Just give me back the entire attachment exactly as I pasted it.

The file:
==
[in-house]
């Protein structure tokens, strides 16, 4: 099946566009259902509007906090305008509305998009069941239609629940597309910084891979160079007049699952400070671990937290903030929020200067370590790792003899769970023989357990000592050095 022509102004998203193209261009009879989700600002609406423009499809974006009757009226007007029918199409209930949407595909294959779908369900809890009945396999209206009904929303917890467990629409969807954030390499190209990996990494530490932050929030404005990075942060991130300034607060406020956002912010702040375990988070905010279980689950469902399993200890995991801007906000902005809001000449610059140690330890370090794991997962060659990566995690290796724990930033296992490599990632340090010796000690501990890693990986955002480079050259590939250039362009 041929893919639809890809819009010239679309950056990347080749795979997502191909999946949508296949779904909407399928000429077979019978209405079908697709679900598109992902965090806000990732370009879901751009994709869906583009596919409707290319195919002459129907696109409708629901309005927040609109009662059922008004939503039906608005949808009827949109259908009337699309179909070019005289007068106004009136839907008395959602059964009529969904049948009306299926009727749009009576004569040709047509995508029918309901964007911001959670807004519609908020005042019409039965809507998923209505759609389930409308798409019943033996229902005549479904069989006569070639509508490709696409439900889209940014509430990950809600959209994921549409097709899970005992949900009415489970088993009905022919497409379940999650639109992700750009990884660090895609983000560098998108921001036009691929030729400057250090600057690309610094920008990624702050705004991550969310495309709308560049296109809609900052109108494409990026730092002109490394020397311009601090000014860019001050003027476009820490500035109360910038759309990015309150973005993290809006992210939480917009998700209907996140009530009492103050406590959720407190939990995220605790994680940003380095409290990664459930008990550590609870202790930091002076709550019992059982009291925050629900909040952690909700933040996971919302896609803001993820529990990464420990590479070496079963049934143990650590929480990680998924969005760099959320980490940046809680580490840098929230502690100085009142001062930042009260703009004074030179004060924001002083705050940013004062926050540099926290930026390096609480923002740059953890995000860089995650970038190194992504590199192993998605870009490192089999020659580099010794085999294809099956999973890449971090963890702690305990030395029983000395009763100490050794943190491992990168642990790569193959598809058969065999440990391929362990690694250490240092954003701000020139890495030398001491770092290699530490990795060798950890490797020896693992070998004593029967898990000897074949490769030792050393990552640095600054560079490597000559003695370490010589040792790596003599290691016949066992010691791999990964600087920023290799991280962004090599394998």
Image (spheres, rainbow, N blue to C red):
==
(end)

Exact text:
[in-house]
């Protein structure tokens, strides 16, 4: 099946566009259902509007906090305008509305998009069941239609629940597309910084891979160079007049699952400070671990937290903030929020200067370590790792003899769970023989357990000592050095 022509102004998203193209261009009879989700600002609406423009499809974006009757009226007007029918199409209930949407595909294959779908369900809890009945396999209206009904929303917890467990629409969807954030390499190209990996990494530490932050929030404005990075942060991130300034607060406020956002912010702040375990988070905010279980689950469902399993200890995991801007906000902005809001000449610059140690330890370090794991997962060659990566995690290796724990930033296992490599990632340090010796000690501990890693990986955002480079050259590939250039362009 041929893919639809890809819009010239679309950056990347080749795979997502191909999946949508296949779904909407399928000429077979019978209405079908697709679900598109992902965090806000990732370009879901751009994709869906583009596919409707290319195919002459129907696109409708629901309005927040609109009662059922008004939503039906608005949808009827949109259908009337699309179909070019005289007068106004009136839907008395959602059964009529969904049948009306299926009727749009009576004569040709047509995508029918309901964007911001959670807004519609908020005042019409039965809507998923209505759609389930409308798409019943033996229902005549479904069989006569070639509508490709696409439900889209940014509430990950809600959209994921549409097709899970005992949900009415489970088993009905022919497409379940999650639109992700750009990884660090895609983000560098998108921001036009691929030729400057250090600057690309610094920008990624702050705004991550969310495309709308560049296109809609900052109108494409990026730092002109490394020397311009601090000014860019001050003027476009820490500035109360910038759309990015309150973005993290809006992210939480917009998700209907996140009530009492103050406590959720407190939990995220605790994680940003380095409290990664459930008990550590609870202790930091002076709550019992059982009291925050629900909040952690909700933040996971919302896609803001993820529990990464420990590479070496079963049934143990650590929480990680998924969005760099959320980490940046809680580490840098929230502690100085009142001062930042009260703009004074030179004060924001002083705050940013004062926050540099926290930026390096609480923002740059953890995000860089995650970038190194992504590199192993998605870009490192089999020659580099010794085999294809099956999973890449971090963890702690305990030395029983000395009763100490050794943190491992990168642990790569193959598809058969065999440990391929362990690694250490240092954003701000020139890495030398001491770092290699530490990795060798950890490797020896693992070998004593029967898990000897074949490769030792050393990552640095600054560079490597000559003695370490010589040792790596003599290691016949066992010691791999990964600087920023290799991280962004090599394998």
Image (spheres, rainbow, N blue to C red):